June 27th, 2004



This morning we decided to drive out to Sakonnet Point, over near the Rhode Island-Massachusetts state line, in the mistaken belief that there might be something over there worth seeing. The day was bright and clear and coolish. We crossed the Newport Toll Bridge and the Sakonnet Bridge, then turned south, driving through Tiverton and Little Compton. It's mostly farmland out that way, the sort of scenery that grows dull after the fourth horse and the fifth orchard. After a two-hour drive, we discovered that the only thing at Sakonnet Point was a private beach and a gate forbidding us from actually reaching Sakonnet Point.

By this time it was 3 p.m., and the better part of the day was behind us. Discouraged, we headed back the way we'd come. We wound up in Newport, trapped in the swarm of tourists and traffic. It wasn't as bad as Panama City at Spring Break or the French Quarter at Mardi Gras, but it was plenty bad enough. Everyone waddling about, sunburned and wearing the exact same expressions I'd seen on the cows out in Little Compton. I wondered aloud what Newport must have been like once upon a time, before its conversion to a sort of New England Disneyland. It would have been something to see then, when it was Something, instead of the tawdry, over-priced caricature of Something. We drove on, past the waters of the harbour, bristling the masts of sloops and yachts, to Fort Adams State Park, then around to Breton Point State Park on the southern side of the island. There were far fewer tourists here, and a little bit of rocky coastline. But it was nothing to compare with Beavertail, and the air smelled of dead fish and sewage. I took pictures of a small crab in a tidal pool and a couple of ruined lobster pots that had washed up on the rocks (Precambrian-aged metamorphics). We drove on, noting a flock of Canada Geese along the shore off Hazard's Beach before we turned north on Bellevue Avenue. Mansions, very old trees, and more traffic. We passed the Museum of American Illustration, and regretted we'd not known about it earlier in the day.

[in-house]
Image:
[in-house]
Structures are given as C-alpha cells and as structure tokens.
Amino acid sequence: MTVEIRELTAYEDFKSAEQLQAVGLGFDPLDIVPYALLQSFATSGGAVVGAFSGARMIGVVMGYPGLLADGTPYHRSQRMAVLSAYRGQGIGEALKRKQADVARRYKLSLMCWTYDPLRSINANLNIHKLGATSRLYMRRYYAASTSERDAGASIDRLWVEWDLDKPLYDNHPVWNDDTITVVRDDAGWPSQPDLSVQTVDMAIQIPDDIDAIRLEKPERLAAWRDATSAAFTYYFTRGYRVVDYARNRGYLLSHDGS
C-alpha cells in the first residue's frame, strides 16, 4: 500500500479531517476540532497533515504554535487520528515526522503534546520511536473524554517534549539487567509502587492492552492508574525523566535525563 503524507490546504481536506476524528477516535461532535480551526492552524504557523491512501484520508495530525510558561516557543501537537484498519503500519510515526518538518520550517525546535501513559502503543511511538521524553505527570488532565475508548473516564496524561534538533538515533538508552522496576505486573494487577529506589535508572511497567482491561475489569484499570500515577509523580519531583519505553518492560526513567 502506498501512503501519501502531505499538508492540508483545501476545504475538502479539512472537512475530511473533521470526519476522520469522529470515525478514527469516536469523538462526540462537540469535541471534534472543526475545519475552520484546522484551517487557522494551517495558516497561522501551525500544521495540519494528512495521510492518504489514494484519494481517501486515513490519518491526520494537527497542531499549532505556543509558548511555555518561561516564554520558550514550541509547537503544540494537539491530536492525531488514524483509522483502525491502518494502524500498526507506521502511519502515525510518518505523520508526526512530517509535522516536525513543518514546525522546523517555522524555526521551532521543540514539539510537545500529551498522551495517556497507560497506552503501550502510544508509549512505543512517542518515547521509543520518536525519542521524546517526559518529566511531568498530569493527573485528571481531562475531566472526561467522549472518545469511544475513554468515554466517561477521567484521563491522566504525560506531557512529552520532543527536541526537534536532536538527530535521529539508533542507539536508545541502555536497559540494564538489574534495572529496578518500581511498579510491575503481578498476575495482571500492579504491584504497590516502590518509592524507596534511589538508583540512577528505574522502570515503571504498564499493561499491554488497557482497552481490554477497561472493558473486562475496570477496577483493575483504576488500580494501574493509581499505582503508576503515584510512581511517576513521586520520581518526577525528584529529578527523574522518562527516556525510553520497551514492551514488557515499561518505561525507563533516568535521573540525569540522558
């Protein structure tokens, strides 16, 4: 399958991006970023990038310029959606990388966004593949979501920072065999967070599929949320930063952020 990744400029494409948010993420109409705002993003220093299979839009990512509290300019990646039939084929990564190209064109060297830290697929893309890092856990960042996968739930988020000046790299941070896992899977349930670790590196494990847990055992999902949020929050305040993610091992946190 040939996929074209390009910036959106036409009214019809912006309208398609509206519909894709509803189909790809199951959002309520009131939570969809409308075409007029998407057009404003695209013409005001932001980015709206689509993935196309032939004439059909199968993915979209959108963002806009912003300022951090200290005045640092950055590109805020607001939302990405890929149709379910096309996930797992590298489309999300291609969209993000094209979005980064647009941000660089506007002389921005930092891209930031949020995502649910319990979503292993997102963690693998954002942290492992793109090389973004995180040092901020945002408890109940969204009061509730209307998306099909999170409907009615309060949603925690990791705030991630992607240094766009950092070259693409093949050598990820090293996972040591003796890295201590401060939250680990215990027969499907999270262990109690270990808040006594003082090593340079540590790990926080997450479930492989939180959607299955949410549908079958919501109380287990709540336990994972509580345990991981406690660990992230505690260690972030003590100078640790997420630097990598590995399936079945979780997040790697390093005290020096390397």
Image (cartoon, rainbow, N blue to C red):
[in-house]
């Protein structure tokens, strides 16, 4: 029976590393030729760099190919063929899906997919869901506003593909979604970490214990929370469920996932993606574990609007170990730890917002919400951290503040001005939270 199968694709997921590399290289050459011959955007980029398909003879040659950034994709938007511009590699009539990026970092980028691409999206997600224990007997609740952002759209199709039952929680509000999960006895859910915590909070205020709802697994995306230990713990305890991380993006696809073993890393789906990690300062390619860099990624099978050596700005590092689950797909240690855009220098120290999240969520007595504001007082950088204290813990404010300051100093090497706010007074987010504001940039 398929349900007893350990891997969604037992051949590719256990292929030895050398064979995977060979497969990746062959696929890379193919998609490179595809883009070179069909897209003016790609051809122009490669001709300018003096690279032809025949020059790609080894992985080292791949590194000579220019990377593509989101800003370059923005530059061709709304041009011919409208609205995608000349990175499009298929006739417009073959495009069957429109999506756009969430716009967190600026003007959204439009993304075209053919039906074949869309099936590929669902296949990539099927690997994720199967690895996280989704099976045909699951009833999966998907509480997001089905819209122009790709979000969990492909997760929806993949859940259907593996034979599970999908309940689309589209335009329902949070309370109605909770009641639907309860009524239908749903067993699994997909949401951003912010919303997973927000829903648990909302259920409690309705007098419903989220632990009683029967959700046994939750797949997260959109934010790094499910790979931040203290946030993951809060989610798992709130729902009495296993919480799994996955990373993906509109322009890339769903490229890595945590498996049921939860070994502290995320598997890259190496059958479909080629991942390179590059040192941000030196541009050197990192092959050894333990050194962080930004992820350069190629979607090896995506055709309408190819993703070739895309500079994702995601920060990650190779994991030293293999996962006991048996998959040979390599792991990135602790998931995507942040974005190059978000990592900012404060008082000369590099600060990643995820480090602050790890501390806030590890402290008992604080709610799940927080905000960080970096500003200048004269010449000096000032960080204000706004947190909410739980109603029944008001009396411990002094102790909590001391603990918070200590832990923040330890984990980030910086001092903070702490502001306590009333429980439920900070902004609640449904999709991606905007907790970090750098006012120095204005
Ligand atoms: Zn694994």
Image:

Before crossing the bridge back to Conanicut Island, we stopped at the Common Burying Ground. It was the only pleasant and productive part of the day. We wandered among the shale, granite and marble gravestones, dating from the 17th-20th century. It'll be a location in Daughter of Hounds. Spooky took photos, a few of which I'll try to post tomorrow. Then a sudden downpour forced us to dash back to the van and curtailed further exploration.

And that was today. Blah.

Here are a few photos from the last couple of days, as promised:

In the sleeper car.

Spooky reading in the sleeper car.

Self-portrait. You can see the top of Spooky's head in there somewhere.

Greater Black-Backed Gulls near Lion's Head, Conanicut Island.

Evidence of the aforementioned 29-lb. lobsters. My arm for scale.

Spooky wading just below the ruins of the old lighthouse.

Beavertail Lighthouse, through the fog.

And, by the way, dial-up frelling sucks.
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